One Thousand Years 

of German History

Bach, Luther, Faust: 

The City of Books and Music

By Sebastian Ringel

Sebastian Ringel

is a Leipzig novelist who grew up in a small town in Saxony. He studied history in Dresden, where he also became an occupational therapist. His first novel, The Monotony of Yeah, Yeah, Yeah came out in 2002, followed by a collection of stories and poems, My Dog the Fish. His latest novel, 5.8 People was inspired by a year-long sojourn in Australia. In addition to writing, he works as a tour guide in Leipzig. 
This book features many famous Leipzig figures and brings to light long-forgotten details from the city's fascinating history.

Leipziger Internetzeitung

Leipzig is the city of books and music. Johann Sebastian Bach composed his cantatas in the St. Thomas Church; Martin Luther disputed the future of Christianity at Germany's second oldest university; and Johann Wolfgang von Goethe's Faust and his frenemy Mephisto got into a brawl at Auerbach's Keller, one of many historical trade-fair buildings in downtown Leipzig. In Leipzig, Richard Wagner was born, Clara met Franz Schumann, Felix Mendelssohn Bartholdy rediscovered Bach, Karl May invented his famous, albeit fictional Apache chief Winnetou, Erich Kästner wrote his children’s books at the coffee house, and Kurt Masur directed the Gewandhaus Orchestra.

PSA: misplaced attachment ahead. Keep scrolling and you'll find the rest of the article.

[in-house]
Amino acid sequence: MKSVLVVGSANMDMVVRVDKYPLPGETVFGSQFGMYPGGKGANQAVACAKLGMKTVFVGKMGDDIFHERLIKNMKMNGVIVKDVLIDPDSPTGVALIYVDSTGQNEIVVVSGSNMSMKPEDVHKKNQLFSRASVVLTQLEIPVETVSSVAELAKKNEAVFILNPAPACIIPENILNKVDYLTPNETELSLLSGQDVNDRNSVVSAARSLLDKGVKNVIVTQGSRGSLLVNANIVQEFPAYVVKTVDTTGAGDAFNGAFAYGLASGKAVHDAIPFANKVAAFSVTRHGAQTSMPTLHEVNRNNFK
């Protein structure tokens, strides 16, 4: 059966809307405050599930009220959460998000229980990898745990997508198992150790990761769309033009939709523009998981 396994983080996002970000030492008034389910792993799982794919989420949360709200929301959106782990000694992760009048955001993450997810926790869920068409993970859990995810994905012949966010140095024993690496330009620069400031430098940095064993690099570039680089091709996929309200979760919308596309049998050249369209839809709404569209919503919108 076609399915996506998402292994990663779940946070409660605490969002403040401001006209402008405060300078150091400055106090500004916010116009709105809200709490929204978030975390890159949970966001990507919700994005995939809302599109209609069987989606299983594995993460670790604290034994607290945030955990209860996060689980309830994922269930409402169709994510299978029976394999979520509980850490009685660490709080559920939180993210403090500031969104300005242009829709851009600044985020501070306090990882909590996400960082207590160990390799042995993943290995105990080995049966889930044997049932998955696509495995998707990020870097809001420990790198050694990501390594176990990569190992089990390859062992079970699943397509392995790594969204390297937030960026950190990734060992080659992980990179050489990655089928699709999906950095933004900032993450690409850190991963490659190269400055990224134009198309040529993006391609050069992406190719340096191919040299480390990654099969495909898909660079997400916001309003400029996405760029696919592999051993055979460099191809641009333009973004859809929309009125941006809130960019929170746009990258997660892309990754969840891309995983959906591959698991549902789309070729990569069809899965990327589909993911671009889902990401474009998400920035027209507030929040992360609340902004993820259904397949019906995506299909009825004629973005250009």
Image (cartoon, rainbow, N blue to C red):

Leipzig is also the site of one of the world's oldest and largest trade fairs, including the traditional Leipzig book fair. The city is located at the crossroad of the historic routes from Paris and Moscow, and from Rome to the Baltic Sea. Leipzig is also the city whose rallies at the St. Nicholas Church led to the downfall of Communism in 1989. Since then, Leipzig has been splendidly rebuilt. In December 2015, the city will be one thousand years old. This book brings to life the stories of ordinary and famous Leipzigers.